I hated listening to this album, but I LOVED the way this review turned out. I wish more outlets had the cojones to call out garbage in the industry. I gave this a 1 out of 5.
A common misconception divides many of today’s Hip Hop fans. On one side of the aisle, there are those who believe that an artist has to be positive in order to be dope; the other side believing that big words and catchy metaphors about the lifestyles of the rich and famous make for a dope MC. The answer lies somewhere in the middle. All “positive” or “conscious” MCs aren’t dope and all the dope boys aren’t wack. There are plenty of MCs on both sides of the spectrum that are great and others that are great at being terrible.
Unfortunately for Island Def Jam, their newest find, Rocko, falls in the latter category. To say that his major label debut, Self Made is an abomination is an insult to the word “abomination.” Backed by the radio friendly “Umma Do Me,” Rocko proceeds to tell the world what separates him from a number of unnamed persons. Granted, “You make it sprinkle/I make it tsunami/You get chump change/But I get money” aren’t going to fly in the ciphers, there’s still a standard of lyricism that should go into crafting certified “club songs.” In addition, “Umma Do Me”—from the delivery to the adlibs—sounds like a Young Jeezy throwaway. If swagger jacking was a crime, Rocko would get the death penalty.
Self Made boasts production from many of the game’s current A-listers, including Cool and Dre, Jazze Pha, and DJ Toomp. In spite of the heavy hitters behind the boards, Rocko’s lyrical deficiencies are impossible to ignore. The radio friendly “Busy” will be enough to replace “hustling” or “grinding” as the streets new buzz word for having a lot of shit to do. “I be busy in the trap, I be busy moving packs/I be busy handling business, I ain’t got time for all of that,” he raps. The song will without a doubt resonate with people who don’t know any better, while the more critically minded among the pack will be left wondering—or hoping— that the authorities will, for a moment, forget about the First Amendment and start arresting rappers who assault the public with recycled rhymes about moving more keys than Frank Lucas.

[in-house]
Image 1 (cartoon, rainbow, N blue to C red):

From here, the album free falls into the abyss of all things cliché. There’s the requisite R&B singer singing about thugging track (“Hustle Fo” feat. Lloyd), the all the ladies want my guap song (“That’s My Money”), and the ghetto love hymnal (the Monica assisted “Thugs Need Love Too”). “Karma”—a tale of the pitfalls of betrayal—offers a glimmer of hope, but is not nearly enough to save this one from the round file, a computer recycle bin or from being tossed out of car windows across America.
To be fair, Rocko is another label head turned rapper, so some might give him a pass for his selection of beats. However, the rap game doesn’t have an affirmative action program for its artists and each must—or should— get on based on actual skill. The blame for Self Made rests squarely on the shoulders of label heads looking to capitalize on the latest trend and entourage “yes men” afraid to tell the folks signing the checks to leave the rapping to real rappers.